Tuesday, October 29, 2013

IDPS disappointed but undaunted

The members of Invermere Deer Protection Society (IDPS) are disappointed the BC Supreme Court dismissed its petition challenging the District of Invermere on urban deer culling, it announced this morning (Oct. 29) in a press release.

The Supreme Court dismissal comes after two “difficult years of work and fundraising to facilitate hearing our public interest trial,” the IDPS noted.
IDPS president Devin Kazakoff at an anti deer cull protest in Cranbrook last winter. Ian Cobb/e-KNOW
IDPS president Devin Kazakoff at an anti deer cull protest in Cranbrook last winter. Ian Cobb/e-KNOW
“We are a group of ordinary citizens opposed to lethal measures to deal with urban wildlife. Most of the money spent on the lawsuit was donated by local, caring citizens,” explained Devin Kazakoff, president of the society.

“A dismissal, with judgment neither for nor against IDPS, indicates merely that our arguments were considered insufficient. Unfortunately, the judge disallowed two critical response affidavits that severely diminished our arguments,” the press release outlined, adding, “A survey expert wrote that the District of Invermere householder survey was unreliable as a gauge of public opinion. And the second affidavit, of a highly qualified B.C. ungulate biologist, stressed the critical requirement that real science be used in municipal decisions about wildlife management. There is ample case law to stress the importance decisions are based on science.”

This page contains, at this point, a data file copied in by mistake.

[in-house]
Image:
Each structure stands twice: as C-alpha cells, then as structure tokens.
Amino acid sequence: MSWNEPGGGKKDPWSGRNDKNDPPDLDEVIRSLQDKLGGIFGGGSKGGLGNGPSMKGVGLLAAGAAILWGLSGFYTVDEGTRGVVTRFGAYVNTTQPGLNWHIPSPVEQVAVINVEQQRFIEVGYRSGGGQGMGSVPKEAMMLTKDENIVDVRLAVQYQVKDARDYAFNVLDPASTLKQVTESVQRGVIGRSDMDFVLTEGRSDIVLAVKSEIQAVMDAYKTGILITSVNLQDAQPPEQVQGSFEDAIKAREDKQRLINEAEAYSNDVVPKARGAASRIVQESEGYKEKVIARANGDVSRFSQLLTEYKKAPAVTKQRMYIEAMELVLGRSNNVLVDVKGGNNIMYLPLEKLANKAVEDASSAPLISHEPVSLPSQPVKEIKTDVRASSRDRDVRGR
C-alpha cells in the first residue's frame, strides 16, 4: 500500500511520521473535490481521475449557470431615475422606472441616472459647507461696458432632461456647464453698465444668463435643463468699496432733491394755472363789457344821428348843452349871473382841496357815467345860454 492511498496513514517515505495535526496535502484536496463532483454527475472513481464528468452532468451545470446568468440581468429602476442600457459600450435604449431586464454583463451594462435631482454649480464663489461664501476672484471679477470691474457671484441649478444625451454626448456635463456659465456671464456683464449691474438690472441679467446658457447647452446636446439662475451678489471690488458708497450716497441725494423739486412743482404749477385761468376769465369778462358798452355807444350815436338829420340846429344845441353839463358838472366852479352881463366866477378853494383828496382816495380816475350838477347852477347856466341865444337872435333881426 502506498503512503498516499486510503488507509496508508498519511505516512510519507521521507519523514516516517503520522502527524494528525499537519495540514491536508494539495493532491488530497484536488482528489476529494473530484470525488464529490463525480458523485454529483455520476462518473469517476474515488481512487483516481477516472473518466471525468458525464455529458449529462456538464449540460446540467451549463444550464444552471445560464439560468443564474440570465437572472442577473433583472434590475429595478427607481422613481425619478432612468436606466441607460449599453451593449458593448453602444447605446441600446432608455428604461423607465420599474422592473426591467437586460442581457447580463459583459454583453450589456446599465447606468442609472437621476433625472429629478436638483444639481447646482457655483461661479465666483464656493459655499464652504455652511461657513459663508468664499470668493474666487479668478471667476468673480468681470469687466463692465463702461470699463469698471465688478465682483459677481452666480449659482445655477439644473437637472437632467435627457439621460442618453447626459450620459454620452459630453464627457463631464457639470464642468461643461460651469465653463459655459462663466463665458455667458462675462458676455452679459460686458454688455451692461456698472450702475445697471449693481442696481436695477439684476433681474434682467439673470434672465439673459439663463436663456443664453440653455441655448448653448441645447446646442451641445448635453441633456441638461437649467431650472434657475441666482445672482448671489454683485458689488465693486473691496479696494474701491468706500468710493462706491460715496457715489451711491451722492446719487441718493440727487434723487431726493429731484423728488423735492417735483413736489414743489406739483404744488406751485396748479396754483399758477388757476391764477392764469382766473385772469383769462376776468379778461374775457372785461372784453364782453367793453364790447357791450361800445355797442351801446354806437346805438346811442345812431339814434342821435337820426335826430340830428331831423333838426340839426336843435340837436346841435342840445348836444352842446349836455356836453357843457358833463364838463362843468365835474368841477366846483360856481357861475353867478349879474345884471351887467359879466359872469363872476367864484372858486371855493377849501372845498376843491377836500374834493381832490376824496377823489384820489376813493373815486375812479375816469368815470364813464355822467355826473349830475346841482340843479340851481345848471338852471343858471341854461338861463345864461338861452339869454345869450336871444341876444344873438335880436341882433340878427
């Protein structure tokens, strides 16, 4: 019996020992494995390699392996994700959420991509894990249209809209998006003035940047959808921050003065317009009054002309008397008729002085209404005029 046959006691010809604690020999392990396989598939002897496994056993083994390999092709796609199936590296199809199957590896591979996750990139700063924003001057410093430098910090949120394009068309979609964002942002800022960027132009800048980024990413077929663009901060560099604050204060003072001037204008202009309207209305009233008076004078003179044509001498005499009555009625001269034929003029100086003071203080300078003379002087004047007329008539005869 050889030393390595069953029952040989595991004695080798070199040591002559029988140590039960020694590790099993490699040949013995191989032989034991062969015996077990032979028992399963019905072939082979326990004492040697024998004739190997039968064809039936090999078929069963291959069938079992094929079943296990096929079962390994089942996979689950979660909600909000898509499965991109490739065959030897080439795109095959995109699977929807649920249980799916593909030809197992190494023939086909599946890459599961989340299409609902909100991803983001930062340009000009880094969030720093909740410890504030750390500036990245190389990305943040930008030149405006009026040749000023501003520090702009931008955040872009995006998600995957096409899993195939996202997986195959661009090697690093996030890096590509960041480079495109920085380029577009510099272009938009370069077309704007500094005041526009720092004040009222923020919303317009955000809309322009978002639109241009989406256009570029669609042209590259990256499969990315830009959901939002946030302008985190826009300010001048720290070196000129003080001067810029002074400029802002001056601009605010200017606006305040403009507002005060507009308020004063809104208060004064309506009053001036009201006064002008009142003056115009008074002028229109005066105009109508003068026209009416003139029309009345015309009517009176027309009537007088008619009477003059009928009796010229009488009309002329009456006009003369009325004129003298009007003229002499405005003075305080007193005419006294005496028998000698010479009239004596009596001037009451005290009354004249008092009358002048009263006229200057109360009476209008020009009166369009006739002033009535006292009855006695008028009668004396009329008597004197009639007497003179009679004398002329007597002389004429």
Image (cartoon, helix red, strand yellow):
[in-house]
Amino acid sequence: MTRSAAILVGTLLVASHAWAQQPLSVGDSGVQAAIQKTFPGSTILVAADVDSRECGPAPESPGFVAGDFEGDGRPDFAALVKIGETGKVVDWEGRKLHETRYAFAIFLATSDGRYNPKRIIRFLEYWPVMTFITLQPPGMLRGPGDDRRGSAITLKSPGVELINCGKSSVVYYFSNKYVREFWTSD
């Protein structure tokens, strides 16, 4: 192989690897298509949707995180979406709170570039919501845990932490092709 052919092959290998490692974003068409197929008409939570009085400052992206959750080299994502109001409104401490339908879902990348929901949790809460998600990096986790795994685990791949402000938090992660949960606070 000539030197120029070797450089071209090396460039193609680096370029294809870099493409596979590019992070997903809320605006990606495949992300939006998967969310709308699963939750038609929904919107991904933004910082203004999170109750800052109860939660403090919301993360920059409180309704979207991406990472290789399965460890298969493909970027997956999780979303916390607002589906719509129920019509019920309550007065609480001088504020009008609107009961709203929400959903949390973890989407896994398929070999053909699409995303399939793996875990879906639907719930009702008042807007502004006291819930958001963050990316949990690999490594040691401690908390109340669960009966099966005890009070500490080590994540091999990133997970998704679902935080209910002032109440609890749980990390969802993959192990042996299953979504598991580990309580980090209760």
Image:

Charles Lamphier, IDPS director and long-time Invermere resident said, “The fact these affidavits were not used in court is unfair. But we advise municipalities to continue to acknowledge they are not expert in social or biological sciences and therefore they should step back from unsupported lethal decisions.”
The IDPS stated it is not overly surprised with the decision “but we worry about the future of deer and other wildlife living in our municipalities. The fact that some municipalities have reconsidered and decided not to apply to the province for killing permits is a victory in itself.”

“Grand Forks decided to hold off on culling and do scientific study instead, something every municipality facing deer complaints should be doing,” said Kathy Wilson, member of IDPS.

The IDPS says it will continue advocating and supporting non-lethal deer management through education, research and political action – “to defeat the killing mentality and negative attitudes to wildlife the District of Invermere so vigorously defends.”

Closing its release, the IDPS urges residents to vote ‘no’ in the Nov. 2 poll, tacked onto the referendum asking residents if they favour borrowing $5.6 million for a new community centre.

For more on the IDPS: https://www.facebook.com/InvermereDeerProtectionSociety

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